I would normally caravan in my own car in a nonemergent transfer like this, but I could see that things were moving quickly and the rhythmic rushes of labor were quite intense. So I decided to give Alicia some backseat support. I gathered my essential items (should the baby be born in the car) and hopped in the back seat of the couple’s Honda, while Dan, the father, drove.
My midwifery partner drove ahead in her car and we were in touch over the phone for much of the drive. The sun had just set and colors filled the sky. It was a glorious 11 degrees below zero as we drove over Pine Creek Pass. I could hear in Alicia’s voice the sounds of the next transition. The road was bumpy and Alicia’s groans were strong. I knew we would never make it to the hospital.
More than once, our small caravan pulled over to assess the situation. The rushes of labor continued, as Alicia reached for the handle on the passenger side roof, pulling down, grasping for anything that would help her get through the next ninety seconds. Then her legs flew up onto the dashboard as her body made way for a blessed child to emerge. She was so strong—a force of absolute nature—and she said, “He’s coming, he’s coming!”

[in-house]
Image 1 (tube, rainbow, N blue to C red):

I reached my hands around her, feeling the baby’s head. He flew out of his mother and into my hands. I gently placed him on his mother’s chest and we stopped the car at the nearest pullout. My partner pulled over, jumped into the front seat, and positioned herself on the floor in front of the mother and baby, calmly assessing everything and everyone.
“You are a fierce warrior mama,” she said.
“Delivering a baby in the car was an exciting experience!” Alicia recalls. “I remember feeling in awe of my body and how I progressed through labor no matter my surroundings. The last stage of labor felt like a force I’ve never encountered before. But by trusting my body, my team, and my baby, I was able to deliver a healthy baby boy in unusual circumstances.”
As the mother and father met their new baby, tears welled in everyone’s eyes. This child did not want to be born at home or at the hospital. He wanted to be born over a snowy mountain pass near the banks of the Snake River. Even though it was cold and dark outside, with all five of us packed into the Smiths’ station wagon we were warm and cozy. We knew of a fellow midwife’s birthing center nearby. Twenty minutes later, mother and child found themselves in a comfortable bed where we cleaned up Alicia and began our newborn exam.
“The memories I have from my wife and son’s birth are clear, calm, and imbued with a powerful sense of purpose,” says Dan. “There was much in our story to cause stress and worry, but much more to cause awe, wonderment, and focus. We all had a role to play. I was deeply grateful to both of the midwives: one for her measured calmness, her attention to detail, and confident decision making; and the other for her grounded energy, her wise coaching, and her support from the back seat.”
While every birth is special, unique, and an honor for a midwife to participate in, this was an extraordinary night no one will forget. With love and support, this woman was able to trust in her body and in her team and welcome a child into the world in the most unusual of places.
* All names have been changed in this article to protect the privacy of the family.